The function of the circuitry shown in FIG. 10 is to write digitized information onto tape and to read digitized information from tape upon command. Data is written onto tape when the command WRITE is a logical one, and while data from the tape is always available at the output of read-write circuitry 107, it is utilized only upon command from the microcomputer set 100.

In the preferred embodiment of this invention the values and types of the components utilized in FIG. 10 are:

Nand gates 500 through 503:74L00;

transistor 504:2N4403;

transistors 505 and 506:2N4125;

transistors 507 and 508:2N5172;

resistors 509 and 510:1K;

resistor 511:3.3K;

resistors 512 through 515 and 530:2.7K;

resistor 516 and 517:10K;

resistor 518 and 519:20K;

resistor 520 and 531:3M;

resistor 521:82;

resistor 522:4.7K;

resistors 523, 525, and 527:47K;

resistors 524 and 528:91K;

resistor 526:2K;

resistor 529:2.2K;

resistor 532 and 533:15K;

resistors 534 and 535:10K;

capacitor 538:150pfd;

capacitors 539 and 540:10pfd;

capacitor 541:0.01mfd;

capacitor 542:33pfd;

capacitor 543:500pfd;

capacitor 544:0.01mfd;

operational amplifiers 546 and 547:LM301 (National Semiconductor Corp);

comparators 549 through 5551:LM339 (National Semiconductor Corp); and

diodes 552 through 554:1N914.

Referring now to FIG. 11, there is shown the schematic diagram of the deck motion control 106 which is utilized in the portable data entry apparatus of this invention. It is comprised of transistors 1100 through 1120, operational amplifiers 1125 and 1126, resistors 1131 through 1168, capacitors 1170 through 1176, diodes 1177 through 1178 and potentiometers 1179 and 1180 and is connected as shown. In the preferred embodiment of this invention the values and types of the components shown in FIG. 11 are:

transistor 1100:MPS404A;

transistor 1101:2N4125;

transistor 1102:MPS5172;

transistors 1103 and 1104:2N4410;

transistor 1105:MPS404;

transistor 1106:2N4403;

transistors 1107 and 1108:2N4125;

transistors 1109 and 1110:MPS5172;

transistor 1111:MJE200;

transistor 1112:MJE210;

transistor 1113:MJE200;

transistor 1114:MJE210;

transistor 1115:MJE200;

transistors 1116 and 1117 and 1118:2N4403;

transistors 1119 and 1122:2N4401;

operational amplifiers 1125 and 1126:LM301 (National Semiconductor);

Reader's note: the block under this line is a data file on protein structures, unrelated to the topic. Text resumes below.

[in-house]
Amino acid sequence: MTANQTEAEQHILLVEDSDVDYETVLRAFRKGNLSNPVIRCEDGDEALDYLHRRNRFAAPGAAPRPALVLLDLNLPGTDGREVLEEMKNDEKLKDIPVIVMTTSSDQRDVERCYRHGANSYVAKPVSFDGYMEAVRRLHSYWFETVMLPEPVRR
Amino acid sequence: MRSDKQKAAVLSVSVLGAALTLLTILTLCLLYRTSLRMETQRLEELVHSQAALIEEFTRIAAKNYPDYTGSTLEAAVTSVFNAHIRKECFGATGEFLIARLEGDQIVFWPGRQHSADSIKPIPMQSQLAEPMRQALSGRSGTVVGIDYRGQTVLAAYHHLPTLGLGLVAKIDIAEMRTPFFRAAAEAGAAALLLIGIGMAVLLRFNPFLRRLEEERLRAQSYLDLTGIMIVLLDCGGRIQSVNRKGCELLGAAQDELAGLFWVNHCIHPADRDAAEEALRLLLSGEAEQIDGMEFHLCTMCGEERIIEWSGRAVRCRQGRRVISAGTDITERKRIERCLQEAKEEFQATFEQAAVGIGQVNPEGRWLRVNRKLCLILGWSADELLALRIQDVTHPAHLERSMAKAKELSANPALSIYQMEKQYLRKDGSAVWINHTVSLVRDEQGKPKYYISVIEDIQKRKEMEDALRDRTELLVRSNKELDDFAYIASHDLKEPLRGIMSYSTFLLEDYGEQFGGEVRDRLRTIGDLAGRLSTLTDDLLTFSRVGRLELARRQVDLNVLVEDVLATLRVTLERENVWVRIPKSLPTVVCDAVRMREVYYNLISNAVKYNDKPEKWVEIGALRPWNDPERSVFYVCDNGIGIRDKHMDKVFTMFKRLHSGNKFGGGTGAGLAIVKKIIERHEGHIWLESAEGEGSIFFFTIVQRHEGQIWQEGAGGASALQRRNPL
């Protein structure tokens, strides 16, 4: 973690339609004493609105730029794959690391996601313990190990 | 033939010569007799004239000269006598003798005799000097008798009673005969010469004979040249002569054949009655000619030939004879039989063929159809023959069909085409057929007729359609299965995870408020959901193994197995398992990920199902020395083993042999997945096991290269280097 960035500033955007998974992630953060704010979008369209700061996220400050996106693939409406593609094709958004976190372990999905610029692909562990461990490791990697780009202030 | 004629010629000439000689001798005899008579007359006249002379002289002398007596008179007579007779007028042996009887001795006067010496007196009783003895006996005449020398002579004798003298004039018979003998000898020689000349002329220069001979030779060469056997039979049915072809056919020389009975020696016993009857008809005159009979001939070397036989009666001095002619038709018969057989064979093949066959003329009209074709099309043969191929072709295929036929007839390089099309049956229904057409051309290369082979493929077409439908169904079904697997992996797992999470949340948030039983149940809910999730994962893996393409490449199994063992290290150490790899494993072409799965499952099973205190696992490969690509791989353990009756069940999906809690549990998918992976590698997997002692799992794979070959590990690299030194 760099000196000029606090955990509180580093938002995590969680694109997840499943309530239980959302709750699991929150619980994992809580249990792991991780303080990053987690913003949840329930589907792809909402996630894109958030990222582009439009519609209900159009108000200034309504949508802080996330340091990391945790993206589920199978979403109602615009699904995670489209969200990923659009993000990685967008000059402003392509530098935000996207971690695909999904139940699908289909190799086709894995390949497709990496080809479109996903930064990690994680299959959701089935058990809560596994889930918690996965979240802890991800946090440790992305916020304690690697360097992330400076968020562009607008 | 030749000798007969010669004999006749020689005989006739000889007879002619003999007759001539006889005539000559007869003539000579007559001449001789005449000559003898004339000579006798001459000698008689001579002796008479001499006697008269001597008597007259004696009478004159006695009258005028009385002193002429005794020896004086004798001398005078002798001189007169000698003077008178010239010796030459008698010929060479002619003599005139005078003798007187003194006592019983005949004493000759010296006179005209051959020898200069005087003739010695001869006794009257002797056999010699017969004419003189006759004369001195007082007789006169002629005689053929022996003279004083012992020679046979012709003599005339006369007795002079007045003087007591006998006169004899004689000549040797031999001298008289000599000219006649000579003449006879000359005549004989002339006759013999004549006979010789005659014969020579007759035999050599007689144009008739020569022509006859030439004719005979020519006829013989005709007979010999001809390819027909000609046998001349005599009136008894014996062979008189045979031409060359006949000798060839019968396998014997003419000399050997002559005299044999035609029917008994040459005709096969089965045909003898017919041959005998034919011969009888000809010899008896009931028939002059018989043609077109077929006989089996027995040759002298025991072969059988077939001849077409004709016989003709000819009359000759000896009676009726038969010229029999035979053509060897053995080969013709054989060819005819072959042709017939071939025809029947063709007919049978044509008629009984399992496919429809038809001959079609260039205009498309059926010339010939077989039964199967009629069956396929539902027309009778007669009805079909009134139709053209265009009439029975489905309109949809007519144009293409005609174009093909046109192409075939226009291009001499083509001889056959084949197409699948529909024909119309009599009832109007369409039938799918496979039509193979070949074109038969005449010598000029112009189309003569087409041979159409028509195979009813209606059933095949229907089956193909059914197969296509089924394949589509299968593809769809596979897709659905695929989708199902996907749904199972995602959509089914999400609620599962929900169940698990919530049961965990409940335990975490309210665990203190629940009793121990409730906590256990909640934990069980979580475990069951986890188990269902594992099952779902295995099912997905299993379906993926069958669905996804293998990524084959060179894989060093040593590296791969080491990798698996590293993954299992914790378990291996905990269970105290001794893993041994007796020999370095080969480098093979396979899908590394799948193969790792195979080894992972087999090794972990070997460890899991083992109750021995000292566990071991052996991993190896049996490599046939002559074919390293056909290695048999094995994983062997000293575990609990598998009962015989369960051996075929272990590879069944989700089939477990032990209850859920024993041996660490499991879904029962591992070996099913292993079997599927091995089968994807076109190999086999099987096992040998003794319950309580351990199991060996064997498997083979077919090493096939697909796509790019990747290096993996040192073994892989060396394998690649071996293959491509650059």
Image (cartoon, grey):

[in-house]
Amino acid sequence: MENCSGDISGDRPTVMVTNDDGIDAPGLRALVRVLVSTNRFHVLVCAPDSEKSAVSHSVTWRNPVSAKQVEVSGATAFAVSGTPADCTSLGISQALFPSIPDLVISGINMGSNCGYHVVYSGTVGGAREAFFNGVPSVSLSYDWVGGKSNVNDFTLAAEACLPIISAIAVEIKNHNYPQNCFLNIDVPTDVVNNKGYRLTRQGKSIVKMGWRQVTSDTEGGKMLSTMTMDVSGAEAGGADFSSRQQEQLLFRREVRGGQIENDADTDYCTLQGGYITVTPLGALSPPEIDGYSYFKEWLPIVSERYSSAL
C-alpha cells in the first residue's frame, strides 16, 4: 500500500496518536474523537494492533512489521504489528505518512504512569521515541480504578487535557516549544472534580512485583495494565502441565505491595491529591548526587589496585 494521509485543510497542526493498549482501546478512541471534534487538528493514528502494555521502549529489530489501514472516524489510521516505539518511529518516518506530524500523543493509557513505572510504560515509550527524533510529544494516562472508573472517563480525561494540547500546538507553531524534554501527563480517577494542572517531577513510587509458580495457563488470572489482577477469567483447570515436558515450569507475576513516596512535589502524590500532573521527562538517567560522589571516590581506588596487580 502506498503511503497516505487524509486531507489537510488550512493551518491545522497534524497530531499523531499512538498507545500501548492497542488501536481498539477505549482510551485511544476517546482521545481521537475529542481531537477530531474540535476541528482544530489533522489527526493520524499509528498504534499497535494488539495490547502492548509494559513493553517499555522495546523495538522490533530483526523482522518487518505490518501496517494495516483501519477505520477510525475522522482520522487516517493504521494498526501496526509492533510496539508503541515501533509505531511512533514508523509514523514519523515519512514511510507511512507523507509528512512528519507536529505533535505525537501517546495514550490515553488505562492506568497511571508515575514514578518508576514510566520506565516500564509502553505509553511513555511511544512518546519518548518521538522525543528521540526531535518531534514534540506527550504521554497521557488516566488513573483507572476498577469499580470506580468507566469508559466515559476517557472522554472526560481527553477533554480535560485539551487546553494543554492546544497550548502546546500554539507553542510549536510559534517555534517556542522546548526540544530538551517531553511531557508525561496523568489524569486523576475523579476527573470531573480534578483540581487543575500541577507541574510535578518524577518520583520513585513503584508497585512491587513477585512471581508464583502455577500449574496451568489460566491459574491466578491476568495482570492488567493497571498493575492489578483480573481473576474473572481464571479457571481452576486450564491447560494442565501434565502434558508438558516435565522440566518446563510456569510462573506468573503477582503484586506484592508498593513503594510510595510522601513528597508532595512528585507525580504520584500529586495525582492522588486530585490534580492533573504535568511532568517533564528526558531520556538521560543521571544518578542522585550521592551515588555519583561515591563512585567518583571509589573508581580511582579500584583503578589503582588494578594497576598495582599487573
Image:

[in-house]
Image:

resistor 1130:1K;

resistor 1131:2.2K;

resistor 1132:1K;

resistor 1133:22;

resistor 1134:56;

resistor 1135:430;

resistor 1136:10K;

resistors 1137 through 1140:4.7K;

resistor 1141:1K;

resistor 1142:2.7K;

resistors 1143 through 1146:4.7K;

resistors 1147-1149:2.2K;

resistors 1150 and 1151:2K;

resistors 1152 and 1153:10K;

resistors 1154 and 1155:3.3K;

resistor 1156:22;

resistor 1157 and 1158:10K;

resistor 1159:510

resistor 1160:2.2K;

resistor 1161:2.2K;

resistor 1162:247K;

resistor 1163:2.2K;

resistor 1164 and 1165:82;

resistor 1167:1K;

resistor 1168:680;

capacitor 1170:1mfd;

capacitor 1171:33pfd

capacitor 1172:0.1mfd

capacitor 1173:0.1mfd;

capacitor 1174:33pfd;

capacitors 1175 and 1176:0.47mfd; and

diodes 1176 through 1178:1N914.

Referring now to FIG. 12, there is shown the schematic diagram of the alarm clock circuitry 117 of FIG. 2 which is utilized in the preferred embodiment of this invention. It is comprised of inverter elements 600 and 607, NAND gates 608 through 610, operational amplifiers 111 through 614, resistors 615 through 633, capacitors 634 through 641, diodes 642 through 645, and flip flop 646, all connected as shown. Alarm circuitry 117 receives inputs from microcomputer set 100 (FIG. 5), and generates the signal MSLEEP which is utilized to switch between the awake and asleep times.

In the preferred embodiment of this invention, the values and types of the components utilized are:

inverter element 600 through 605:74CO4;

inverter elements 606 and 607:74L04;

Nand gates 608 through 610:74C10;

operational amplifiers 611 through 614:LM3900 (National Semiconductor Corp);

resistor 615:150K;

resistor 616, 617, 623, and 625:510K;

resistor 618:5.1 M;

resistors 619 and 627:1.5 M;

resistor 620:1M;

resistor 621, 630, 631, and 633:1M;

resistor 622:330K;

resistor 624:5.1M;

resistor 626:330K;

resistor 628:10K;

resistor 629:6.2K;

resistor 632:10M;

capacitor 634:0.05mfd;

capacitor 635:0.002mfd;

capacitor 637:750pfd;

capacitors 638 and 639:100pfd;

capacitor 640:0.001mfd;

capacitor 641:100pfd;

diodes 642 through 645:1N914; and

flip flops 646:74C7.

Referring now to FIG. 13, there is shown the alarm circuitry 112 which is utilized in the preferred embodiment of this invention. The signal NALM, from output port 105, when active signifies an alarm condition. This signal turns on transistor 752 which triggers timer 753. The output of timer 753 then drives speaker 754 for a time, and this speaker can be heard by the operator of the portable data entry apparatus.

In the preferred embodiment of this invention the values and types of the components of the alarm circuitry are: